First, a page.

Informations pratiques

Les journées de l’ANR DIMERS auront lieu à Paris, les 8 et 9 octobre 2019 à Sorbonne Université, campus Pierre et Marie Curie (métro Jussieu).

Le café d’accueil et les exposés du mardi matin auront lieu en salle 16-26-113 (premier étage du couloir entre les tours 16 et 26).

Les exposés du mardi après-midi auront lieu en salle 16-26-209 (salle Paul Lévy, deuxième étage du couloir entre les tours 16 et 26).

Toutes les activités de l’ensemble de la journée du mercredi auront lieu en salle 15-16-201 (deuxième étage du couloir entre les tours 15 et 16).

Orateurs confirmés

  • Niklas Affolter (TU Berlin)
  • Jérémie Bouttier (ENS de Lyon/CEA Saclay)
  • Dmitry Chelkak (ENS)
  • Thomas Fernique (Paris 13/CNRS)
  • Emmanuel Guitter (CEA Saclay)

Programme

Mardi 8 octobre

Matinée en salle 16-26-113 :

  • 10:15-11:00: café d’accueil
  • 11:00-11:50: Niklas Affolter, Dimers in discrete differential geometry
  • 12:15-14:00: déjeuner au restaurant l’Ardoise

Après-midi en salle 16-26-209 :

  • 14:00-14:50: Emmanuel Guitter, Arctic curves for non-intersecting and osculating path models: a tangent method approach
  • 15:00-15:50: Dmitry Chelkak, Perfect t-embeddings of bipartite graphs and convergence to the GFF
  • 16:00-16:30: pause
  • 16:30-17:30: discussions administratives (internes aux membres de l’ANR)
  • 20:00: dîner au restaurant le Jardin des Pâtes (4 rue Lacépède, à 300 mètres du métro Jussieu)

Mercredi 9 octobre

Journée complète en salle 15-16-201:

  • 10:00-10:50: Jérémie Bouttier, Schur processes with periodic and free boundary conditions
  • 11:00-11:30: pause
  • 11:30-12:20: Thomas Fernique, Phase transition in rhombus tilings with forbidden patterns
  • 12:45-14:15: déjeuner au restaurant l’Ardoise
  • 14:15-17:00: discussions scientifiques

Résumés

  • Niklas Affolter, Dimers in discrete differential geometry

In discrete differential geometry (DDG) we study discretizations of maps and surfaces that are structure preserving. In recent research dimer systems have appeared in several objects of DDG. We will focus on three examples where dimers appear: Circle patterns are a notion of discrete conformal maps and dimers appear while studying Miquel dynamics, a dynamical system on the space of circle patterns. As a second example we look at surfaces that have been parametrized as conjugate nets. The corresponding discretization is Q-Nets, these are maps from Z^2 to R^3 such that each face is planar. We show how dimer weights can be defined on Q-Nets such that the partition function is invariant with respect to the so called Laplace transforms. Finally, we look at the discrete Schwarzian KP (dSKP) equation. The discrete KP equation, also known as the octahedron recurrence appears both in Dodgson condensation and the Aztec Diamond Theorem. The dSKP equation plays a key role in the integrability properties of DDG. We show there is an analogue to Dodgson condensation in the dSKP case and finish with an open question: Is there a Schwarzian Aztec Diamond Theorem?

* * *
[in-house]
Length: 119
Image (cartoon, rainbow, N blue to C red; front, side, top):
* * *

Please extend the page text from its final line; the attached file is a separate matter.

• Emmanuel Guitter, Arctic curves for non-intersecting and osculating path models: a tangent method approach

I will discuss how to obtain explicitly the arctic curves of a number of specific non-intersecting or osculating path models by the somewhat simple technique of the tangent method. The models include non-intersecting paths with an arbitrary distribution of starting points as well as osculating path configurations describing the so-called 20-vertex model (the ice model on the triangular lattice) with particular domain wall boundary conditions. This is a joint work with P. Di Francesco and B. Debin.